(Bloomberg) -- UK Prime Minister Rishi Sunak aims to gradually raise the legal age for consuming cigarettes in a move that would introduce a ban for the next generation.
The age would increase by one year annually so that “a 14-year-old today would never legally be sold a cigarette,” Sunak said at the Conservative Party conference in Manchester on Wednesday. The government also plans to restrict the availability of disposable vapes and will look at the packaging and flavors of those products.
The proposal would have to be approved by the UK parliament, with Sunak saying it will be a free vote, asking politicians to make their decision as “a matter of conscience.” Sunak added that smoking puts pressure on the NHS, with costs of £17 billion ($20.7 billion) a year, and the move would help the UK toward its goal to become smoke-free by 2030.
Shares of Imperial Brands Plc, the biggest seller of cigarettes in the UK, fell as much as 4.3% in London. British American Tobacco Plc, which gets most of its sales from markets outside Britain, was down 1.9%.
The measure would be one of the most aggressive anti-smoking policies in the world, though the UK wouldn’t be the first. New Zealand last year passed a law prohibiting the sale of cigarettes to anyone born after 2008. The current legal age to buy cigarettes in the UK is 18.
Tobacco companies are racing to offer alternatives, such as vapes, devices that heat tobacco and oral nicotine. Sunak said the UK must “act before vaping becomes endemic,” given that one in five children have used the products.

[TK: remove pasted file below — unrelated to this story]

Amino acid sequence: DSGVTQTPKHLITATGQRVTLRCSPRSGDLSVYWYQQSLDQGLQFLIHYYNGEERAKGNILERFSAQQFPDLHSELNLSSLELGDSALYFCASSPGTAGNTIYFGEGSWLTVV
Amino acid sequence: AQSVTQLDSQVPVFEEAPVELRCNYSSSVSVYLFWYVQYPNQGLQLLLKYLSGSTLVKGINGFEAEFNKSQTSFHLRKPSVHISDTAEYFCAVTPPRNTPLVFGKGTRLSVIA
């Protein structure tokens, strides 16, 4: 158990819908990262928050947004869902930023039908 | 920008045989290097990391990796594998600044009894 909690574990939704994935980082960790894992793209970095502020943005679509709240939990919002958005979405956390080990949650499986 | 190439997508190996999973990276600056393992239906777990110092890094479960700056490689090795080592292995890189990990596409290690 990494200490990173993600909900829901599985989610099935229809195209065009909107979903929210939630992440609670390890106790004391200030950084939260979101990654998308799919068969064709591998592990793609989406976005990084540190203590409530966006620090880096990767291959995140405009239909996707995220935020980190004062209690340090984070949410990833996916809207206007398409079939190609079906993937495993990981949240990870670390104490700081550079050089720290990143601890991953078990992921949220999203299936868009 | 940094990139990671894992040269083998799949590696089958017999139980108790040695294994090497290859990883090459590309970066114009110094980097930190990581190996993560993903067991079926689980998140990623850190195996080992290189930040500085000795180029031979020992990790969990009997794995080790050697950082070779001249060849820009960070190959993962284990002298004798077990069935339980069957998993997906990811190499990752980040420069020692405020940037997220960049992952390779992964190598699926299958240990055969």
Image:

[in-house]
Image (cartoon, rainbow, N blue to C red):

“The proposal to ban the legal sale of cigarettes over time threatens significant unintended consequences,” Imperial Brands said in a statement to Bloomberg. “On vaping, we will continue to engage with the government to create effective policies which prevent youth access.”
British American Tobacco said it supports “the government’s ambition to further reduce smoking rates,” while noting the move would add a burden on the police to enforce more tobacco control policies.
The plans are negative for Imperial Brands and Japan Tobacco Inc. because of its large exposure to UK combustibles, while a “clear positive” for British American Tobacco given the company’s minimal presence in that segment and leadership in non-disposable vapes, Jefferies analyst Owen Bennett said in a note.
The proportion of 18- to 24-year-olds who smoke rose to one in three from one in four during the Covid pandemic, according to a report commissioned for the government last year. The report also said smokers in the most economically deprived parts of the UK devote a disproportionate amount of their income to tobacco, with the average smoker in northeast England spending more than 10% of their income on smoking.
“Raising the age of sale on tobacco products is a critical step on the road to creating the first ever smokefree generation,” Michelle Mitchell, Cancer Research UK’s chief executive officer, said in a statement released by the Science Media Centre.
(Michael R. Bloomberg, founder and majority owner of Bloomberg News parent Bloomberg LP, has been a longtime champion of tobacco control efforts and has campaigned and given money in support of a U.S. ban on flavored e-cigarettes and tobacco.)
--With assistance from Andy Hoffman and Joe Easton.
(Updates with BAT comments in eighth paragraph and analyst comments in third-to-last paragraph.)
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